# Gaining Linear Algebra Intuition — Subspaces

So I aced linear algebra over the fall semester, though I'm deeply troubled in that I struggle to really describe what I did. I cannot say with confidence what it all meant, nor do I have any sort of intuition with the subject. I don't think i ever really "got it" or internalized it. Therefore, while i still have a week before summer classes, I started re-reading the text to gain some insights.

I'm starting with subspaces and am struggling with why a subspace must contain the zero vector. The closure under linear combinations is something i understand, being that my go to example is a plane in $\mathbb{R}^3$. But why must $\mathbf{0} \in V$?

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The subspace must be a vector space on its own, and every vector space contains the 0 vector. – user99680 May 14 '14 at 2:05
A bit more intuition to you: a set of linearly independent vectors in $\mathbb{R}^3$ not always spans $V^3$ so maybe this is one of the reasons to define a subspace. – Lucas Zanella May 14 '14 at 2:06
careful: there is no such thing is the zero vector. – Ittay Weiss May 14 '14 at 2:11
Another question about subspaces: How does a subspace $V$ relate with the ambient space? For example, if $V \subset \mathbb{R}^n$ is a subspace, does this mean that $V$ is a set of particular solutions to the matrix equation $A \textbf{x} = \textbf{b}$ ? What about $V^{\perp}$? – David D. May 14 '14 at 2:38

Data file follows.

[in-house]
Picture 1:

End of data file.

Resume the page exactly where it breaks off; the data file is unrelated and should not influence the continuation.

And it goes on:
This set of lectures helped me a lot: ocw.mit.edu/courses/mathematics/…. – Tpofofn May 14 '14 at 2:49

A subspace must be closed under scalar products. And, a subspace must be a non-empty subset. So, if you have a subspace, then you have at least one vector $v$ in it. Then, you also have the scalar product $0\cdot v$ in the subspace. But, it follows from the distributivity axioms in a vector space, $0\cdot v=0$ always. Thus, $0$ must be in the subspace.
Alternatively, $0=v-v$. – lhf May 14 '14 at 2:33
@lhf that does not prove that it's the same $0$ as in the ambient space though. – Ittay Weiss May 14 '14 at 8:56
not quite, since you would need to prove first that the $-v$ in the subspace and in the ambient space agree. For that, of course, you'd first need to show that the $0's$ agree. – Ittay Weiss May 14 '14 at 9:28
That's just a consequence of the definition, it's not part of the definition itself. It's closed under linear combinations. So if $x$ is in there, $-x$ will be too, and from there $x + (-x)$.